But some of the worst examples came later in the war. In one case last December, 12 Iraqi soldiers, including an intelligence officer, were caught on video in Tal Afar shooting to death a prisoner whose hands were tied. In another, US forces found a detainee with two black eyes, a bruised neck and “scabbing on his left ankle”. The detainee said he was electrocuted by Iraqi soldiers in Mosul in order to obtain a confession. Iraqi officials stated he was injured after attempting to escape.

Hvornår får vi den rigsretssag mod Anders Fogh og hans medskyldige Per Stig Møller og Søren Gade (m.fl.) i anledning af Danmarks deltagelse og medskyld i disse krigsforbrydelser?

Go read.

Collateral murder – amerikanske soldater dræber irakiske civile og griner af dem bagefter

På en video lækket takket være Wikileaks.

Xeni Jardin skriver på Boing Boing:


Wikileaks claims to have obtained and decrypted video that shows US occupying forces in an Apache helicopter intentionally firing on a dozen civilians in Baghdad, including journalists working for the Reuters news organization: 22-year-old Reuters photographer, Namir Noor-Eldeen, and his driver, Saeed Chmagh, 40.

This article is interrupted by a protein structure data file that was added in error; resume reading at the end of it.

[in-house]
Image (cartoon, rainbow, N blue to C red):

The video is accompanied by audio of the pilots’ radio dialogue. No Pentagon response yet. (Update: A senior U.S. official is confirming authenticity of this video. See this subsequent Boing Boing post for additional background materials related to the attack.) Reuters has been attempting to obtain the video under Freedom of Information Act requests since the incident occurred in July, 2007, but the Pentagon blocked all requests. Reuters news editor-in-chief David Schlesinger says the video is “graphic evidence of the dangers involved in war journalism and the tragedies that can result”. Wikileaks director Julian Assange said Wikileaks had to break military encryption on the file to view it, and will not reveal how or from whom the file was obtained. The transcript (and audio) seem to show the air crew lying about encountering a firefight. When they finish shooting, they laugh at the dead.


Hvis det anede os i forvejen, at den slags foregik, så kan selv de mest indædte tilhængere af den forbrydelse, som Irak-krigen er endt med at være, ikke benægte det længere. Læs selv opfølgningen på
Politiken skriver også om sagen.

Anhold Tony Blair er en ny engelsk hjemmeside og kampagne, som er oprettet med det formål at få gennemført en civil anholdelse af tidligere premierminister Tony Blair, så han kan stå til regnskab for sine forbrydelser, herunder ikke mindst hans medvirken til invasionen af Irak i 2003, der var baseret på løgn og latin og som indtil videre har kostet langt over hundrede tusind mennesker livet.